Manny Dojo I would I would add something to Trey. Everything that Trey said, I definitely feel super high when I get out of out of the shows because of the energy that I’ve never experienced before. But I started seeing kids show up right on our stage, right? As soon as we’re playing, they’re there, they’re just waiting and it’s almost like, we’re, we’re dancing, you know? They’re just like they’re expressing themselves. There’s almost like future breakdancers, you know? And they’re doing like, a weird way.

Jimmy Maas Wait, let me describe what I’m seeing. Oh, yeah. Here we go.

Manny Dojo Yeah. Speaking in tongues. Oh my gosh. Beautiful. It was so, so, so beautiful.

Orion Garcia Yeah I’m there for the team. So if they need me to play, you know, two hours of the sound of duck quacking, I’m there.

Jaime Mayo Doesn’t matter what it is. Just get it in.

Jimmy Maas That album’s pretty good. Two hours of the sounds of ducks quacking. [crosstalk].

Juan Garcia There’s a mallard in there.

Orion Garcia That’s the way I make bread. Yeah.

Juan Garcia I’ve never heard a mallard quite like I’ve heard a mallard on that record.

Jimmy Maas And, we’ll come by Saturday.

Orion Garcia Please come say hi to whoever’s either outside.

Jimmy Maas I’ll dig through your crates. Yeah, I’ll pick, like, Eartha Kitt and. Oh, yeah. Let’s go.

Manny Dojo So. And also third Friday of the month, you know, if you’re looking for a party third Friday of the month, that’s when Peligrosa is up. It’s always on the third Friday of the month. So if you if you’re out and about, just text us, look us up on online Peligrosa, and we’ll help you out.

Jimmy Maas And thanks to democratization of equipment, Juan and I are doing a set. Yeah. [crosstalk]

Orion Garcia I assume you’re just going to deejay your podcast.

Jimmy Maas Yeah, we’re just gonna get, you know, it’s gonna be a remix that.

Juan Garcia Like live cutting. [crosstalk] You’ll have to take that duck quack out.

Jimmy Maas We had to whittle down an hour and a half of that conversation, so.

Juan Garcia It was a good chat.

Jimmy Maas It was a really I mean, I had no expectation for, what, what they would bring in, man, they were all very interesting and very cool. And we only met a percentage of them. There’s still more Peligrosa and lots of danger. So lots of danger out there. Big thanks to Trey aka Manolo Black. Jaime aka Pagame.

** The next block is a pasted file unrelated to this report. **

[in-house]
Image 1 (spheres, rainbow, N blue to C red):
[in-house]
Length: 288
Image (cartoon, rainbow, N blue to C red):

Juan Garcia Manny aka Manny Dojo and Orion Garcia who goes by his own name.

Jimmy Maas And Austin FC striker, Gyasi Zardes. Of course. Our question askers this episode Vera and Violet from Kealing Middle School, as well as Lone Star and One World soccer clubs respectively. Also Jupiter from Laza High School and Cap City Soccer, who until this moment was uncredited for posing the question in episode one. Takes a village here. Want to thank Elizabeth McQueen, Zahra Crim, Todd Callahan, Jacob Rockey, Rene Chavez, Marnie Castor and Patricia Lim all here at KUT, as well as big thanks to Cameron Koubek and Ryan Madden at Austin FC. Our theme music was composed and performed by Jaron Marshall, additional music from Orion Garcia, Zele, and Discos Peligrosa, as well as part of Pacho Buscaroa and what the Jorge Jimenez. ¡Vamos Verde! and KUT and KUTX Studios and KUT Radio are members of the NPR network. What’s that, Juan?

Juan Garcia It’s an independent coalition of public media podcasters. What does that mean, Jimmy?

Jimmy Maas It means you can find more shows in the network wherever you get your podcasts. I’m Jimmy Maas.

Juan Garcia And I’m Juan Garcia.

Jimmy Maas Thanks so much for joining us.

Juan Garcia Bye!

This transcript was transcribed by AI, and lightly edited by a human. Accuracy may vary. This text may be revised in the future.


April 11, 2024

Chicken Run: Daniel Pereira + Austin FC Superstitions + Pollo’s Great Escape

We talk with Austin FC midfielder Daniel Pereira about living with his parents, the hokey pokey in Virginia, baseball in Venezuela, and why he’s the most-hated Austin player (so far) in our very unofficial poll. We also drill down into fan superstitions and why Pollo is so beloved.


April 4, 2024

Emiliano Rigoni Full Interview en Español

Vamos Verde host Juan Garcia and his sidekick Jimmy Maas talk with Austin FC winger Emiliano Rigoni about his Maté ritual, playing in some of the biggest leagues in Europe, and what its like to live away from his family. Juan Garcia y Jimmy Maas hablan con el volante de Austin FC Emiliano Rigoni sobre […]


March 28, 2024

Té for Two: Austin Musician Gina Chávez and Winger Emliano Rigoni.

Co-host Jimmy Maas interviews Austin based singer Gina Chávez. Then Colombiano co-host Juan Garcia kicks off the conversation with Emiliano Rigoni, the senior midfielder of Austin FC, entirely in Spanish.


March 14, 2024

Pump up the Volume: Gyasi Zardes & Austin FC Match Day DJs Peligrosa

Austin FC striker Gyasi Zardes speaks on the all-time greats he’s played with, plus how music has helped him find balance and how parenthood changed him. Plus the home game DJs for Austin FC, Peligrosa.


February 29, 2024

A New Hope: Austin FC’s season opener w/ goalie Brad Stuver and singer Mélat

Goalie Brad Stuver talks to hosts Jimmy Maas and Juan Garcia about his pre-game ritual, his favorite date night spot in Austin, and how he makes sure that what happens on the field stays on the field. Plus Austin musician Mélat and Jeremiah Bentley and Landon Cotham from the Moontower Soccer podcast.


February 9, 2024

Trailer: ¡Vamos Verde!

¡Vamos Verde! is a podcast that looks at the intersection of Austin FC and the community that surrounds it. The first episode comes out on Feb 29th, with episodes coming out every other Thursday through the end of the season.